Stars: 4 of 5.
Running Time: 88 minutes.
Notable Cast or Crew: Jeff Fahey (THE LAWNMOWER MAN, WHITE HUNTER BLACK HEART), Brad Dourif (ONE FLEW OVER THE CUCKOO'S NEST, DEADWOOD), Kim Delaney (MISSION TO MARS, DELTA FORCE, HUNTER'S BLOOD), Zakes Mokae (DUST DEVIL, OZ, Tony-winner for MASTER HAROLD... AND THE BOYS), editor Anthony Redman (LONE WOLF MCQUADE, BAD LIEUTENANT) and director Eric Red (writer of NEAR DARK, BLUE STEEL, and THE HITCHER).
Tag-lines: "It will scare you... to pieces."
Best one-liners: "I now have a murderer's blood in my blood."
Man, Jeff Fahey was totally on a hot streak in the late 80's, early 90's. Kind of like a latter-day, less mainstream Roy Scheider, he was given myriad chances to shine- and he did- but his star somehow refused to take hold.
Thankfully, his career's been given a real resurgence lately thanks to PLANET TERROR and TV's LOST, but anyone who thinks Fahey can't carry a feature need look no further than BODY PARTS. Amputation is such a visceral, unsettling motif- since the dawn of cinema, masters like Lon Chaney (THE UNKNOWN, THE PENALTY) have exploited it to tremendous effect. Then came the trend of 'killer's body parts transplanted to make ordinary people killers' genre which kind of envelops everything from FRANKENSTEIN to THE HANDS OF ORLAC to MAD LOVE. BODY PARTS hitches on to these rich traditions, combines it with the modern-day medical thriller and a script adapted from a novel by the writers of DIABOLIQUE, VERTIGO, and EYES WITHOUT A FACE, and it makes for a film that feels at once conventional and inventive, and one which truly remains unnerving until the very last frame. The editing, by Abel Ferrara-regular Anthony Redman, and the visuals, by Dutch cinematographer Theo van de Sande, are crisp, glossy, terse, and accentuate each other perfectly. Fahey is on fire- he makes everything involving the arm gruelingly realistic, and you continually feel his pain and exhaustion. He gives us a man in psychological turmoil, a loving father, and a steadfast asskicker without once disconnecting from the character and going over the top. We've got an awesome supporting turn from Brad Dourif as well as a manic, grotesquely-inspired artist.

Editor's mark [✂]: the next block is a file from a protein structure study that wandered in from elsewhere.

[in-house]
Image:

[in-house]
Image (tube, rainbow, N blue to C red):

There's even a sweet barfight scene reminiscent of THE FLY where we get to see the murderous body parts in action.
Four solid stars. For a similar feel, also see Dario Argento's TRAUMA, his 1993 medical thriller which also happens to contain a neck brace car chase, multiple amputations, and the acting talents of Mr. Dourif.